A few years ago, some community colleges cut back on child-care services as demand fell. But since the pandemic began, need has grown as parents of young children found it hard to study at home with their children underfoot or they had to find affordable care while they worked.
Colleges have different approaches to child care. Some, like Clark College in Washington and Grand Rapids Community College (GRCC) in Michigan, have a child-care center right on campus. At those two colleges and some others, the child-care center is coordinated with students in the early childhood education program, who use the center as a learning lab.
Below is a sampling of child-care services at a few community colleges.
Kudos from the governor
The Fratzke Early Childhood Learning Laboratory at Grand Rapids Community College made the news recently when Michigan Gov. Gretchen Whitmer gave a speech there promoting access to child care for families throughout the state. In an event sponsored by the Early Neighborhood Learning Collaborative (ELNC) in Grand Rapids, Whitmer called the college’s Learning Lab “phenomenal.”
The child-care center has been part of the college for nearly 50 years. It rented space in a local church for several years until 2017, when the new building was completed on campus and the center moved there. The center is part of the college’s education department.
Parents with children in the center can be students (whose spaces are subsidized), college staff or members of the community, said Melissa Boman, director of the Fratzke center. The center has received some CCAMPIS funds to help student parents pay for child care.
The center also receives funding through ELNC, a local nonprofit that provides funding for early childhood education for at-risk families. It also works with the Great Start Readiness Program, a state program for 4-year-olds from families whose income is 250% below the poverty level.
The center closed for four months at the beginning of the pandemic. When it reopened, a lot of processes had to be changed, said Becky Brinks, head of the college’s education department.
The preschool classrooms housed half the number of children they had previously, 55 instead of the usual 105. More of the education majors were observing children from a booth instead of interacting with them directly. Strict cleaning protocols were put in place, and ventilation was increased.
Enrollment was limited during the pandemic to keep groups small, Brinks said. This fall, the center plans to be back to full capacity.
“There’s a huge need,” Brinks said. Twelve of the spots are reserved for student families. “There are very long waiting lists for private pay slots.”
The child-care center on the main campus of Clark College also has a long history. It opened during World War II.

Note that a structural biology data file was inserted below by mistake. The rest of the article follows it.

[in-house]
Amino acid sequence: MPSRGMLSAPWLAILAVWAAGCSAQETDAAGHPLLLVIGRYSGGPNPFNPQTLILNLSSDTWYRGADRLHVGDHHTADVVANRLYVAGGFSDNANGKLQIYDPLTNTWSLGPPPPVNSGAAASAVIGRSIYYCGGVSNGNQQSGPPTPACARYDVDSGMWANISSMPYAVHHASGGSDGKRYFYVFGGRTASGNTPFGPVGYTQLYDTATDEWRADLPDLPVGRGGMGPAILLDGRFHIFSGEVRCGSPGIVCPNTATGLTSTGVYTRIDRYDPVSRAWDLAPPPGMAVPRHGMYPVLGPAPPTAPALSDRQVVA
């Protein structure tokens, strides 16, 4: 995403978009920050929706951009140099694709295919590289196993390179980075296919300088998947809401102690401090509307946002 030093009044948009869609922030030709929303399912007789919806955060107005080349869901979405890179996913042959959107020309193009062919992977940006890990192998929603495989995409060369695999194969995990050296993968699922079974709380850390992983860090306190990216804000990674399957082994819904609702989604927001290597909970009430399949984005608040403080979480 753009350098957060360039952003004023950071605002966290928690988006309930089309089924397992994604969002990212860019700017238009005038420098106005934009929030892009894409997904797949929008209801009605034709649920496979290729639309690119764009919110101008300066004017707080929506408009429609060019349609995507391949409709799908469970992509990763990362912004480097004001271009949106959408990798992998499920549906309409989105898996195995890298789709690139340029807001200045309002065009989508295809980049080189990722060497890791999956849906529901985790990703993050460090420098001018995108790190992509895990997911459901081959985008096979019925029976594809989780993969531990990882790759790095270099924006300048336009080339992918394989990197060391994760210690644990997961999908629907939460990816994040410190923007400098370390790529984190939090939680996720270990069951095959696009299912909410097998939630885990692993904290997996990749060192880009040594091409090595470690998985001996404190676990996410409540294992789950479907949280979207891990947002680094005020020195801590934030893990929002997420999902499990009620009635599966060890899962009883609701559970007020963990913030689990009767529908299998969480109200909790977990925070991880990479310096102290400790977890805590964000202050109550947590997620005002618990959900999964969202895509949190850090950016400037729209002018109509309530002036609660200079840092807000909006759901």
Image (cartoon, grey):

“It’s about student retention and motivation, and support for children,” said Michele Volk, director of child and family studies at the college. The center is also open to families in the community, and that enables student families to pay on a sliding scale, Volk said.
“We always maintain 65% or more spaces available to student parents because that’s part of our mission,” she added.
At its lowest point at the start of the pandemic in April 2020, the center had just 25 children enrolled in the center, a big drop from 131 in February. Today, 76 children are enrolled. There can be a waitlist for non-student families.
The center has dealt with plenty of challenges during the pandemic.
“The hardest part is tracking every week what changes we need to respond to,” Volk said. “We’ve put in place several procedures – screening tools, temperature checks, limiting the number of children in a classroom.
“We have maintained stable groups of cohort. The child is in one indoor space and one outdoor space so they’re not mixing with other children indoors,” Volk said. “That’s been helpful.”
The child-care center serves children aged 1 to 5 years old, with a summer camp for 5- to 10-year-olds. Last year, when elementary schools were teaching remotely, the center’s school-aged classroom stayed open for the full year.
“Families were going through so much uncertainty, they didn’t know what choices to make,” Volk said. “To have that sense of continuity for their children and families was very helpful.”
That program will not continue this year as elementary schools return to full-time, in-person learning. Volk anticipates enrollment of 75 to 80 children in the child care center, about half the usual level.
“So we’re looking at a significant challenge,” she said. “With change in the [delta] variant, some families or staff have communicated hesitation.”
There’s more to the story! Read the full article in CC Daily.